As the key rating drivers, FITCH pointed to Kazakhstan's 'BBB' IDRs strong public and external balance sheets, underpinned by large government savings and a substantial sovereign net foreign asset position, against high commodity dependence, a weak banking sector, weak World Bank governance indicators and higher inflation than 'BBB' peers.
Higher average oil prices and increased production contributed to strong economic growth in 2018 at 4.1%, versus a five-year average of 2.9%. The current account balance improved substantially in 2018, due to higher oil exports and supportive terms of trade and turned into a small surplus at an estimated 0.5% of GDP. Net external debt is more than twice that of the current 'BBB' median but decreased to 16.6% of GDP (23.6% in 2017). Kazakhstan's sovereign external balance sheet remains a key rating strength with sovereign net foreign assets at 43.8% of GDP at the end of 2018. General government debt decreased to an estimated 19.4% of GDP in 2018 (19.9% in 2019).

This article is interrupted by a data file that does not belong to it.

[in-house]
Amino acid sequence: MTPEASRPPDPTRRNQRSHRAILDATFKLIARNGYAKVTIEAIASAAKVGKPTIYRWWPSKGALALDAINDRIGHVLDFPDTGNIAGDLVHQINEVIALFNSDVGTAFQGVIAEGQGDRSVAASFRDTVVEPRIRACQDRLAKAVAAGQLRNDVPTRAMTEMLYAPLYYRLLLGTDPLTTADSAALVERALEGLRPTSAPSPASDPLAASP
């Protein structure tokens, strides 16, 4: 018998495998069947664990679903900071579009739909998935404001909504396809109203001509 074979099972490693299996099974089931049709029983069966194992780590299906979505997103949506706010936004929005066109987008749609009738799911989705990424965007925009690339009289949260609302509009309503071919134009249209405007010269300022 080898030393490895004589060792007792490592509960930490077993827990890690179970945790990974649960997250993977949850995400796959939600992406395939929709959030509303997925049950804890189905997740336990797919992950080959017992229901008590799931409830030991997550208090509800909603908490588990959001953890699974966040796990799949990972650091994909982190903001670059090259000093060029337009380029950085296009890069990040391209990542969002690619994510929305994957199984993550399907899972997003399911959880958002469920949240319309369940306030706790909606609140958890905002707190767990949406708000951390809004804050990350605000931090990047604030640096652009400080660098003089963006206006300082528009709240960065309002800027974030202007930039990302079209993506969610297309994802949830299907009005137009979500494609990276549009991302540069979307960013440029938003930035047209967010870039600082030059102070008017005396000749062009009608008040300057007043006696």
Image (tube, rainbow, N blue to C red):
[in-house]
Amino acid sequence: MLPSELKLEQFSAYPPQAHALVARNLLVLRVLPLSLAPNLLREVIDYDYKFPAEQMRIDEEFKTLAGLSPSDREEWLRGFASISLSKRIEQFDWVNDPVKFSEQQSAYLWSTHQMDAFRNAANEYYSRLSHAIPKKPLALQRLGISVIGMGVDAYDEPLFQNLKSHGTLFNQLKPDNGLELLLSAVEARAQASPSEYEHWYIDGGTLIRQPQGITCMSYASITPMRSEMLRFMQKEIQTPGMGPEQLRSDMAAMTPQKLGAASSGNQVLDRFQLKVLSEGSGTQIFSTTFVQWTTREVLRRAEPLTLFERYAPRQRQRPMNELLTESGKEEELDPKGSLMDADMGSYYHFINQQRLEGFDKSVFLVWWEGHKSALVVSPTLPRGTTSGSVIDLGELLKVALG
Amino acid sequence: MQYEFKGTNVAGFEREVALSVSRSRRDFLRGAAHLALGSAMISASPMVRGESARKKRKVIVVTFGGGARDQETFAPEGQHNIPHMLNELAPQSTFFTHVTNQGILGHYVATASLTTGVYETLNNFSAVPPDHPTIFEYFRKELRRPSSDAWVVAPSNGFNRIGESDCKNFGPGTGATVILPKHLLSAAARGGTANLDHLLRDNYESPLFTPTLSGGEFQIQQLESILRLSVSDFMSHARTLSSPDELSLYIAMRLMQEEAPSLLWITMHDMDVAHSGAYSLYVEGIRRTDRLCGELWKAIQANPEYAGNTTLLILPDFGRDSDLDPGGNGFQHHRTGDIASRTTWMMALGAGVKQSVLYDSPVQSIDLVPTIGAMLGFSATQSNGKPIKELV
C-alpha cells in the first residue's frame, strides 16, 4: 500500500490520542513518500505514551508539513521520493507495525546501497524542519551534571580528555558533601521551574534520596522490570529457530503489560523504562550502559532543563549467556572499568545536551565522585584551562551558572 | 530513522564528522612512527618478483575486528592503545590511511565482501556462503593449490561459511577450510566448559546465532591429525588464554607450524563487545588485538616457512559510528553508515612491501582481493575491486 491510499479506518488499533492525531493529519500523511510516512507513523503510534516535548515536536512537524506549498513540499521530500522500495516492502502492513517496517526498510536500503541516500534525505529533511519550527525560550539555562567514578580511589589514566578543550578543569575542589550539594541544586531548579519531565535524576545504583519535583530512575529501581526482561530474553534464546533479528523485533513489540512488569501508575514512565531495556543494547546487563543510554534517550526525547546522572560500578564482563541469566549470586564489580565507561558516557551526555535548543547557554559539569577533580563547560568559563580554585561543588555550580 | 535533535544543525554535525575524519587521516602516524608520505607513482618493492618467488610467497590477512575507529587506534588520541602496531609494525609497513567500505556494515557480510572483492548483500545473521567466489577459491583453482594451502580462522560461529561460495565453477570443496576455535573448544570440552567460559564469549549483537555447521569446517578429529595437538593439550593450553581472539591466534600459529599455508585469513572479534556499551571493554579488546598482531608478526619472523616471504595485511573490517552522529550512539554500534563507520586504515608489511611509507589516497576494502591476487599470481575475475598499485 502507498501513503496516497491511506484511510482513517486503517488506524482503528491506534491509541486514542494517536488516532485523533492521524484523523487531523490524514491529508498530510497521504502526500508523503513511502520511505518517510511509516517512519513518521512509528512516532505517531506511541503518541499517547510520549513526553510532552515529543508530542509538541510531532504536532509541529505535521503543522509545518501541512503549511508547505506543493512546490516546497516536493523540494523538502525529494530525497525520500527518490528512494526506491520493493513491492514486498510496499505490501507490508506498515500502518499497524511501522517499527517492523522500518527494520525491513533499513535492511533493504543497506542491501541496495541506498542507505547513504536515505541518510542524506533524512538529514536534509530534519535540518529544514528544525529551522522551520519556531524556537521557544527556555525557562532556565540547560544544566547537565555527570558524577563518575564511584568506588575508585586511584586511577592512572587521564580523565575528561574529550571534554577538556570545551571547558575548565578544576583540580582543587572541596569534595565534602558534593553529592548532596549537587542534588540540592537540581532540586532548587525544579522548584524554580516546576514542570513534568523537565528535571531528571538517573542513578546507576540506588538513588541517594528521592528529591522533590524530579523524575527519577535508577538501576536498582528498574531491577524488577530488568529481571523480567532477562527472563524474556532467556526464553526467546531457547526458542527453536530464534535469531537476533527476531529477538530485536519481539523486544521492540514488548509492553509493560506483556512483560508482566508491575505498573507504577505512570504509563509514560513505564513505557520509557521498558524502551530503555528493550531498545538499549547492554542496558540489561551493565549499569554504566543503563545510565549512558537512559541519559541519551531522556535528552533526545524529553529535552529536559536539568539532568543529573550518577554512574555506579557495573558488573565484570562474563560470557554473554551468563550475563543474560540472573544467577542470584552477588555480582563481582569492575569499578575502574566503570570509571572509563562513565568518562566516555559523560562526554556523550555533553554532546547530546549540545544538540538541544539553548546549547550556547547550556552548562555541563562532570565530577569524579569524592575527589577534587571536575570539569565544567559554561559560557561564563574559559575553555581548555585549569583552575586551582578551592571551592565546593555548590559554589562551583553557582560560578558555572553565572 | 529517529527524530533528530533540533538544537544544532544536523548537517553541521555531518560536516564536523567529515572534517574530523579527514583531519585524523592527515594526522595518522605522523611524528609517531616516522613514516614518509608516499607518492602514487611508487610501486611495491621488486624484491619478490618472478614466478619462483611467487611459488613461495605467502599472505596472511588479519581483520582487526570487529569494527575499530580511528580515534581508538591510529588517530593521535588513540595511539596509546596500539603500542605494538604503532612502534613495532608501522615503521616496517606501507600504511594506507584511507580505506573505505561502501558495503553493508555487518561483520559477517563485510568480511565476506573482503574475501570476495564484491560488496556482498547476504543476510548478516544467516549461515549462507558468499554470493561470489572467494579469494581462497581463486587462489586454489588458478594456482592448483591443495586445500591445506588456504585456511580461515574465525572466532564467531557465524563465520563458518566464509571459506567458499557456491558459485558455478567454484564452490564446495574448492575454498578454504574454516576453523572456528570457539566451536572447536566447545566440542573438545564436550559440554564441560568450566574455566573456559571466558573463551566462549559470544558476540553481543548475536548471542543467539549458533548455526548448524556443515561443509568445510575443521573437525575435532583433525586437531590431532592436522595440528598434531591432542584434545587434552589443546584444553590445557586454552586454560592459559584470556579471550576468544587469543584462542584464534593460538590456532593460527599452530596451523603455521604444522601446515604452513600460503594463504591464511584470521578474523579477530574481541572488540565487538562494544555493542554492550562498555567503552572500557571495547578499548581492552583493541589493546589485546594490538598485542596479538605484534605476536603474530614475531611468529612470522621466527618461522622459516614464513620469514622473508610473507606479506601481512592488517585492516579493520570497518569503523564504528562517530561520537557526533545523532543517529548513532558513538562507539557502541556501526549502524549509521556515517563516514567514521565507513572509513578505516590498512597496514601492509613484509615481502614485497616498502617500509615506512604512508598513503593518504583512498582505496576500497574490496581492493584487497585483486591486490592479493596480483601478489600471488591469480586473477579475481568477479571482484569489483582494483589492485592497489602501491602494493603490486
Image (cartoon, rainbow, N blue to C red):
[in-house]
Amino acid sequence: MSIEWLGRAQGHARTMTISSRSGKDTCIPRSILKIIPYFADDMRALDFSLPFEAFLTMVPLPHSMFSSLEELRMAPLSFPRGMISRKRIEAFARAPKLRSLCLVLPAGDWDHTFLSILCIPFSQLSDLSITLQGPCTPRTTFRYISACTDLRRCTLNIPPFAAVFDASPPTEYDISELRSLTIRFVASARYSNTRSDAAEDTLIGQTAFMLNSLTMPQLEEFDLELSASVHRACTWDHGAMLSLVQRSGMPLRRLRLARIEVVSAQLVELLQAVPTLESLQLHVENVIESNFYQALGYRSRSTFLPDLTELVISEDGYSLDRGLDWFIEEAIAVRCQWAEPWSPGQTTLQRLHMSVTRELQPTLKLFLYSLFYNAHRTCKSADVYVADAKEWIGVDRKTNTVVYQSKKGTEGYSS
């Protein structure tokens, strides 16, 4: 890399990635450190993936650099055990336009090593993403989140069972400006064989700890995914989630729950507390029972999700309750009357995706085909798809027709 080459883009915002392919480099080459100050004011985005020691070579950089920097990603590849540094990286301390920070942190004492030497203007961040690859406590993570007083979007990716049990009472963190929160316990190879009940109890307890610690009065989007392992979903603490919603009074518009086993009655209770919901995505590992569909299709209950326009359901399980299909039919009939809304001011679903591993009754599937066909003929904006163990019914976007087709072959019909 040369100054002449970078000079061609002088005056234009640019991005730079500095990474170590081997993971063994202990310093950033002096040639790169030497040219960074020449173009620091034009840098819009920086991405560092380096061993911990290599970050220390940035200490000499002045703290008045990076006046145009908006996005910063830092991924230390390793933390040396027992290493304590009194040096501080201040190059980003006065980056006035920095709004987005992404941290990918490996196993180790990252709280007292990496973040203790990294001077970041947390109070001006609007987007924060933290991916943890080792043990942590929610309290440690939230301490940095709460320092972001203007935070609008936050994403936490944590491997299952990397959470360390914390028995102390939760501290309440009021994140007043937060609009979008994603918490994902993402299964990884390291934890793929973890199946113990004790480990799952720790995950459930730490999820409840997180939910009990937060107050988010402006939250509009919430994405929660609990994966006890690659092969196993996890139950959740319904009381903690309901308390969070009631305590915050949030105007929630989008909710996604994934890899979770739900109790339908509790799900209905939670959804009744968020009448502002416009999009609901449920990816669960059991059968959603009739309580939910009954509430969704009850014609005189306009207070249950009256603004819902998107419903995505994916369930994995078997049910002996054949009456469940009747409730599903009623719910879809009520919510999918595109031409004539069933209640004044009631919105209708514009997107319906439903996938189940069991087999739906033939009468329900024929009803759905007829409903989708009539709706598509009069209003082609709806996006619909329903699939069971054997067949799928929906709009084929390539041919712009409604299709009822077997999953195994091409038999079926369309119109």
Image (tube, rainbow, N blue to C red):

The banking sector clean-up has continued in 2019 and the regulatory framework improved, with the NBK removing the license of three small banks for failing to meet capital requirements in 2018. However, the overall health of the sector remains weak. Dollarization remains high relative to 'BBB' rated peers and accounted for 48% of total deposits at the end of 2018 and 26% of loans.
Inflation moderated to 5.3% in December, but higher than the current 'BBB' median of 2.8%. Human and financial development indicators are broadly in line with 'BBB' medians, but the World Bank's governance indicators, albeit improving, remain relatively weak, partially reflecting the centralization of powers in the presidency.
The detailed report can be found here.